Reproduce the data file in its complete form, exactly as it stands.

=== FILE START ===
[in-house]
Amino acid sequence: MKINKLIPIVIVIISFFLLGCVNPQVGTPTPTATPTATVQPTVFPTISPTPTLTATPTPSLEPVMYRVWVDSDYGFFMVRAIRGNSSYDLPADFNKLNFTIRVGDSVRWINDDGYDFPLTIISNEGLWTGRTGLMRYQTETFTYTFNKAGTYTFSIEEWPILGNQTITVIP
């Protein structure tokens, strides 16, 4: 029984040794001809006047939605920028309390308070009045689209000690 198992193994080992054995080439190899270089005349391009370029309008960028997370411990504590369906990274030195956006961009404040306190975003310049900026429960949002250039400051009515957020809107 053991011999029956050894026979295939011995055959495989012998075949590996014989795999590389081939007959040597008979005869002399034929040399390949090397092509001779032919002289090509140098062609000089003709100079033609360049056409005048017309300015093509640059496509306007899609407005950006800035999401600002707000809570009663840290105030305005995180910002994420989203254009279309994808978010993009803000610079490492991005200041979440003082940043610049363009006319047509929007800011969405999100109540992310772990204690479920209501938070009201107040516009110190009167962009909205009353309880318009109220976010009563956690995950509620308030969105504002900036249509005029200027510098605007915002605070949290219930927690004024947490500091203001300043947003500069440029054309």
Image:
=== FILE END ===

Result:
[in-house]
Amino acid sequence: MKINKLIPIVIVIISFFLLGCVNPQVGTPTPTATPTATVQPTVFPTISPTPTLTATPTPSLEPVMYRVWVDSDYGFFMVRAIRGNSSYDLPADFNKLNFTIRVGDSVRWINDDGYDFPLTIISNEGLWTGRTGLMRYQTETFTYTFNKAGTYTFSIEEWPILGNQTITVIP
């Protein structure tokens, strides 16, 4: 029984040794001809006047939605920028309390308070009045689209000690 198992193994080992054995080439190899270089005349391009370029309008960028997370411990504590369906990274030195956006961009404040306190975003310049900026429960949002250039400051009515957020809107 053991011999029956050894026979295939011995055959495989012998075949590996014989795999590389081939007959040597008979005869002399034929040399390949090397092509001779032919002289090509140098062609000089003709100079033609360049056409005048017309300015093509640059496509306007899609407005950006800035999401600002707000809570009663840290105030305005995180910002994420989203254009279309994808978010993009803000610079490492991005200041979440003082940043610049363009006319047509929007800011969405999100109540992310772990204690479920209501938070009201107040516009110190009167962009909205009353309880318009109220976010009563956690995950509620308030969105504002900036249509005029200027510098605007915002605070949290219930927690004024947490500091203001300043947003500069440029054309």
Image: